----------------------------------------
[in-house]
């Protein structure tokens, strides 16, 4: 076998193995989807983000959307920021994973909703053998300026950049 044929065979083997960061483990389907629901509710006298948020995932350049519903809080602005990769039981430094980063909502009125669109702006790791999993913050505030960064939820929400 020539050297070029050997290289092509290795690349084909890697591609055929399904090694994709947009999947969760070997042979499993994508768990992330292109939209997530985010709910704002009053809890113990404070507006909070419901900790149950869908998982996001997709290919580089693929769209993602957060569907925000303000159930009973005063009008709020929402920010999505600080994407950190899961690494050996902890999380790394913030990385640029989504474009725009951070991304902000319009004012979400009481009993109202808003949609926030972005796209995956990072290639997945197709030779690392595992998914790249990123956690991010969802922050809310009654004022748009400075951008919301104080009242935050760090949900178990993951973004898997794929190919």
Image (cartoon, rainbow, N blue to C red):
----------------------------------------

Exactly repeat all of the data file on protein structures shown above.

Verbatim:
[in-house]
């Protein structure tokens, strides 16, 4: 076998193995989807983000959307920021994973909703053998300026950049 044929065979083997960061483990389907629901509710006298948020995932350049519903809080602005990769039981430094980063909502009125669109702006790791999993913050505030960064939820929400 020539050297070029050997290289092509290795690349084909890697591609055929399904090694994709947009999947969760070997042979499993994508768990992330292109939209997530985010709910704002009053809890113990404070507006909070419901900790149950869908998982996001997709290919580089693929769209993602957060569907925000303000159930009973005063009008709020929402920010999505600080994407950190899961690494050996902890999380790394913030990385640029989504474009725009951070991304902000319009004012979400009481009993109202808003949609926030972005796209995956990072290639997945197709030779690392595992998914790249990123956690991010969802922050809310009654004022748009400075951008919301104080009242935050760090949900178990993951973004898997794929190919």
Image (cartoon, rainbow, N blue to C red):